Monday, 20 February 2017
Confused by credit card rates, fees, and rewards? Credit cards are convenient and common but some can be, well, confusing.
If you've ever tried to wrap your head around the interest rates and various fees involved with having a credit card, not to mention the rewards programs, then you know what we mean.
And like many people, you may find yourself getting offers for a new card almost every day. So how do you figure out which one is the best option for you? Let's dig in to find out—it could save you a lot of money! All the various credit card offers you receive may look different, but they use similar disclosures for many aspects. If you compare them closely, you may be able to find one that gives you the best combination of features and costs for your needs.
This is what you would pay on a yearly basis for your purchases if you didn't pay off your card in full each month. If you're being offered an introductory rate—like zero percent APR for six months—the offer will also show what you would pay after that introductory rate ends. It will have different rates listed, and the rate you'll pay will depend on your overall "creditworthiness," like your total debt, income, and credit score.
These rates may change. Often, the card will have a "variable" rate, which is tied to some other economic "index" such as the prime rate. You also can be charged a higher rate as part of a penalty APR, as we'll explain later in the story.
Be careful with getting into the habit of letting your credit card balance pile up just because you had a low introductory rate. If you have more than one credit card, review their APR rates on purchases and pay off as much as you can on the card with the higher interest rate first.
A balance transfer is when you pay off the balance on one credit card with another credit card. Typically, there is a fee to transfer the balance to the new card, say, 3 percent of the total balance. But rates can vary, so if you're transferring a large balance, you might want to pick a card with a lower transfer rate if the rest of its features are useful you.
Once the transfer is made, you may have an introductory rate on the interest charged on the transferred amount. You'll want to check what rate you'll pay after the introductory period has passed. There is generally no grace period for balance transfers. And, carrying a balance on a balance transfer, even at a 0 percent intro APR, may still cause you to lose your grace period on purchases.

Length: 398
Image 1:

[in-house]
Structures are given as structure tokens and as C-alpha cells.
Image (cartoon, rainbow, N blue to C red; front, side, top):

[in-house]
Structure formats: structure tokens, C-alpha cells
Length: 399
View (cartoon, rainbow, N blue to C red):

Cash advances allow you to access cash immediately and can be handy in an emergency. But be aware that you will owe interest on the advance immediately after you receive it, so you'll want to repay the amount as quickly as you can. There is typically no grace period for cash advances. And again, carrying a balance on a cash advance may still cause you to lose your grace period on purchases.
You can be charged fees for a lot of reasons (like making late payments), but the first one to look for is the annual fee. This is the amount charged just for the privilege of having the credit card. Sometimes cards don't have an annual fee, but sometimes they will charge an annual fee—especially if the card is offering perks such as frequent flier mileage reward points, or generous point multipliers on certain types of purchases.
You'll need to figure out whether the perks are worth the annual fee. To do this, calculate how much you'll spend generally, as well as within any multiplier category, with that card each year. Then, make sure to check for any caps on the points you can earn. For example, some cards may limit a point multiplier to the first $6000 in purchases at grocery stores. If you were to spend more than that, you may only earn points at the standard rate. Additionally, some credit card companies will restrict those perks when customers make late payments, or do something else to damage their creditworthiness.
Be sure you thoroughly understand all fees before you apply for a new credit card. And, rewards disclosures may not be as similar from card to card. So, be sure to compare annual fees and rewards terms carefully.
If you go over your credit limit, are late paying your bill, or one of your payments is returned, the credit card company may increase your APR. Read the terms of your agreement to be aware of anything that could trigger such an increase.
Generally, the credit card company must tell you at least 45 days in advance if they plan to increase your rate or charge you the higher penalty rate. But beware—there are some exceptions to this. If they do give you notice or increase your rate, call to see how long the higher rate will be in effect. Some companies may leave it at the higher rate indefinitely.
If you were told that it would only last six months or after you made a certain number of consecutive payments, call after you have met the conditions and ask that it be lowered to the previous level. If there is a penalty-based APR, the credit card disclosures must show it. Some cards don't have a penalty-based APR. So, if you are concerned about the occasional late payment, you may choose one of those cards or at least look for a card with a low penalty-based APR.
Credit cards can be helpful tools in everyday life. But if you know more about how they work and all the costs associated with different cards, you will be in a better position to make smart financial decisions.
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